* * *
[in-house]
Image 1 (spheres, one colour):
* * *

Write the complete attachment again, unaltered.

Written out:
[in-house]
Image 1 (spheres, one colour):